Mal Fletcher
It Doesn't End With Anna Nicole: Now Celebrity Shapes Politics

The race for the US presidency – which has started way too early this season – is taking on all the hype of a celebrity-driven project, rather than a political contest.

Last week, we were reminded of the power of celebrity in our popular consciousness, with the ongoing arguments over Anna Nicole Smith’s body and baby, and the sad behaviour of Britney Spears.

This week, we have a spat between the supporters of presidential hopefuls Senator Clinton and Senator Obama. They’re both from the same party and are the front-runners for the Democratic nomination.

What was their tiff about; some important domestic issue, or some idea vital to America’s foreign policy? No, nothing so grand.

It all started with a quote from a Hollywood money-man, David Geffen, about Bill and Hillary Clinton. In an interview, he said, 'Everybody in politics lies; but they do it with such ease it's frightening.'.

Geffen, a former supporter of the Clintons, has now switched his allegiances to Mr. Obama.

The Clinton camp is scared that this might trigger an exodus of Hollywood support to their opponent.

The story is not as trivial as it sounds. It demonstrates the growing influence in mainstream life of the culture of celebrity and those who shape it. Now, even supposedly lofty community leaders are dancing to its tune.

Of course, politicos – especially of the American variety – have long tried to romance high-profile ‘talents’ from the worlds of movies and music. But this is becoming something more. Instead of politics being the story, with support from celebrities, the focus has shifted slightly to celebrity-dom itself.

In the end, do we, or should we really care what a Hollywood producer thinks? Hollywood moguls are not normally known for the depth of their political analysis, are they? When did you last read a book by anyone associated with Hollywood that was about substantial issues, like matters of state?

As one pundit put it on a FOX News programme, ‘Most of these [Hollywood] people can say nothing without a script. People forget how air headed they really are.’

For the first time, perhaps, US election politics is being driven by the power of celebrity. In the process, the race for prominence is echoing the world of reality TV. Even at the highest level of world politics, it seems, life is now starting to imitate art (if reality TV can be called art).

Of course, it could be argued that more people in the US vote for reality TV contestants than do for the presidency, so why shouldn’t politics follow the lead of pop-media culture?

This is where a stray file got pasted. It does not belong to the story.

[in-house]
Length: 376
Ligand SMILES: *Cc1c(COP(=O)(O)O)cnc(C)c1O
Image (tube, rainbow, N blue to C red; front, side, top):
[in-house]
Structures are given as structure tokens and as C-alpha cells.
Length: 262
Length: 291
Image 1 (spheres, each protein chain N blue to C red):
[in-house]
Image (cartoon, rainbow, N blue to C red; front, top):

Perhaps it won’t be long before we have a Simon Cowell-type judge telling some presidential hopeful that, ‘You really shouldn’t give up your day job. You have absolutely no talent for this at all!’

I’ve written about this a number of times and spoken about it even more: the culture of celebrity is not just pitiful, it is dangerous. It is right and appropriate that we honour people who deserve honour. Heroism and selfless service are worthy of our respect. Exceptional talent is also worth celebrating.

Sadly, though, celebrity as we now know it has little to do with any of these traits: it is only about image and packaging. It is built on hypocrisy: the hiding of what is real behind a mask.

Some people are at the top simply because marketers have found packaged them in the right way. When you think of the individual, you think of the image and vice versa. It’s not about intellect, service, sacrifice or even talent: it’s about clever marketing.

In a LIFE Magazine feature story a few years ago, the writer traced the descent of Elvis Presley into depression and drug addiction. His investigations of the events surrounding Elvis’ last years suggested to him and others that the star’s death might not have been accidental. ‘In the end,’ concluded the writer, ‘not even Elvis could be Elvis any more.’

When Kurt Cobain of Nirvana fame committed suicide, much of the secular music media could not quite take it in. A grunge rock ‘god’ who had everything to live for left behind a simple suicide note that spoke of a sense of disenchantment with the rock scene, of personal despair and an inability to keep up an image which had never reflected reality.

In the end, a young artist could not face up to his very real personal problems largely because of the expectations placed on him by image and celebrity.

It’s time to ditch our blind preoccupation with celebrities and what they say, think or do, or how they ‘suffer’ for being famous. It’s time to celebrate people in our communities who deserve our applause, or at least our appreciation.

It’s time to give our children heroes they can touch, and safely emulate.

Mal Fletcher (@MalFletcher) is the founder and chairman of 2030Plus. He is a respected keynote speaker, social commentator and social futurist, author and broadcaster based in London.

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